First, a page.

I also presented a version of this paper at the 2013 regional meeting of the American Academy of Religion.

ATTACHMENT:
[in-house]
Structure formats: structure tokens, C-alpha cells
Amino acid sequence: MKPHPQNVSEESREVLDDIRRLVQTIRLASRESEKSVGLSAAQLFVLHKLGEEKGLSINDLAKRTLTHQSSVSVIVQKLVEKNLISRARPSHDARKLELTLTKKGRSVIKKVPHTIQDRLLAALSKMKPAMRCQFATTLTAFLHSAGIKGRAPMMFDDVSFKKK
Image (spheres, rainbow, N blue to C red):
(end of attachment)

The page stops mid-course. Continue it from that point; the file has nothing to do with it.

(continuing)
This article evaluates Martha Nussbaum’s capabilities approach for its treatment of disability and philosophical grounding. A summary of Nussbaum’s claims on how her theory includes people with disabilities is followed by Eva Kittay’s demonstration that in Nussbaum’s approach exclusion results from the ambiguous role of human dignity. The argument then shows that Jean Porter’s appeals to virtue and human nature provide stronger philosophical grounding for making judgments about human flourishing than Nussbaum’s non-metaphysical liberalism, insufficient to account for her theory of capabilities. While Porter’s account of human nature does not escape Shane Clifton and Hans Reinders’ concerns about the exclusion of people with disabilities from the human ideal, her and John Berkman’s recovery of Thomistic ideas of infused virtue and grace do provide a more inclusive concept of the human telos.